To be fair a statistic may be too limited in its scope and does not really identify the reason behind such a poor performance rating by Christians for their compassion for the lost. You cannot entirely rely on the opinion of non-believers due mainly to the natural inclination toward evil and definite alienation toward those who wish to live Godly. So their attitude towards Christianity is already jaded somewhat. Peter points this out in his first letter where he says that they think it strange that you do not with them plunge into the same flood of dissipation, and they heap abuse on you. 1 Peter 4:4. No one enjoys being reminded about the need to change their sinful ways. Still the perception is out there that the Christian does not seem to care as much as he once did. So how much Christian love is really being felt in our North American culture is anyone’s guess. You can be sure that Christianity does not operate in a vacuum. Cyber space is not the answer and definitely not meant to replace daily encounters with the lost. Personal contact with the public is much needed today. This does not rule out social media by any means. But Christians were never meant to operate as Nomads, writing up a storm, pressing send buttons and waiting for replies, then calling it a day. Jesus engaged people almost daily, and only went into exile when he sought to be alone with God for a time. Christians need to be more active in personal evangelism, the kind that requires face-to- face encounters.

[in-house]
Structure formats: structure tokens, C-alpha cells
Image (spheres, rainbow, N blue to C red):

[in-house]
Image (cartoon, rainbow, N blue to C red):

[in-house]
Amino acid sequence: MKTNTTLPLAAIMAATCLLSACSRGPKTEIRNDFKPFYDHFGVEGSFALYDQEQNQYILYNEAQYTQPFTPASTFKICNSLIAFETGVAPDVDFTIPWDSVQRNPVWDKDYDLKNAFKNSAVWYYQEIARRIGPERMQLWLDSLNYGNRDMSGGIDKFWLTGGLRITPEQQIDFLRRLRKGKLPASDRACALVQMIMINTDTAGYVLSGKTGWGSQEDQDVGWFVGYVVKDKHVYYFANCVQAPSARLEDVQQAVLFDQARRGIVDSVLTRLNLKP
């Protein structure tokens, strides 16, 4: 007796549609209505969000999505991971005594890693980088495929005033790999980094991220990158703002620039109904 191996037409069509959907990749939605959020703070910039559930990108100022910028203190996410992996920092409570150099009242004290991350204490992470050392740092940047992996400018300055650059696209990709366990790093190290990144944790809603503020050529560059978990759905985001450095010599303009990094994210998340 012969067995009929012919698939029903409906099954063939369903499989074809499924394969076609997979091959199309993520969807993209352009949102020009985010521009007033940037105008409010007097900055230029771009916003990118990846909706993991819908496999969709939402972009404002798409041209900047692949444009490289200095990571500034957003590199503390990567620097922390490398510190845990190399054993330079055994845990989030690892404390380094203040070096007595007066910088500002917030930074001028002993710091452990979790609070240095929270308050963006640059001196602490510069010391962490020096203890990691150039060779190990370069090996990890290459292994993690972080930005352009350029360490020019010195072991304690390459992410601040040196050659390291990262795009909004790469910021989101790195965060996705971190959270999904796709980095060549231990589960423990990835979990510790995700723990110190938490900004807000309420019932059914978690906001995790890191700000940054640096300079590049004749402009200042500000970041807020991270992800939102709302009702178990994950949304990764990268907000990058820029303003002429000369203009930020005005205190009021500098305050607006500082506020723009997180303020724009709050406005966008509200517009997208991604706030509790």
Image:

The other aspect too often neglected is the need of another presence. I am not speaking of our presence where posture and presentation may lead the public to listen to our message, but more important, the presence of God in our lives. God promises to be with us in all that we do. The metaphor of the vine and branches in John fifteen where we remain connected to him not only assures us of His help but of fruit bearing as well. Therefore, we need to examine our lives and see where the breaches are at and ask God for help to obey him so that our lives may be productive. Our union in Christ means divine presence and enablement. Listen to the Psalmist’s desire for God “Whom do I have in heaven but You? And besides You there is nothing I desire on earth” (Psalm 73:25). That is real heady pursuit, the type that is commanded in Luke 10:27 where we are told to love the Lord your God and with all your soul, and with all your strength and with all your mind and love your neighbour as yourself. Love is not insubstantial. It is not wistful or fleeting. To adapt the famous line from Elizabeth Barrett Browning’s Sonnet 43, “How do I love Thee? Let me count the ways.” The Biblical way to show love to God is by doing His commandments. If we truly wish to love God with our whole heart, we will incline our mind and our heart on doing what God wants us to do. The earlier reminder about heart commitment to God can be adjudicated only when we seek to commit every area of our lives to Him. It is a counterfeit proposal to speak of loving God yet to withhold obedience. As a result, our relationship suffers as power is sapped from our lives because of personal sin and disobedience. You must relate everything and everyone to your relationship to God, and like any relationship, as that of a child for instance, where love for your parents would lead you to want to do what they asked you to do—even if it was difficult, the same thing must be said of our duty to God. In every sense of the word love is a commitment not a pastime, which is constantly reinforced through obedience.

Christians would do well to get back to basics. Evangelism begins with our relationship to God. If our lives do not line up to the Scriptures, then our witness may carry little weight and God’s power will be missing from it. We may talk all we want about personal love for Christ but obedience is key. Christ instructed His disciples that if you love me you will keep my commandments. (John 14:15)